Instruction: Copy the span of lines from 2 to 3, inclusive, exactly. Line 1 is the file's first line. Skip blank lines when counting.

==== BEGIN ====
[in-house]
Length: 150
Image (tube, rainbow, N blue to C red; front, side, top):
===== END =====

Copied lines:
Length: 150
Image (tube, rainbow, N blue to C red; front, side, top):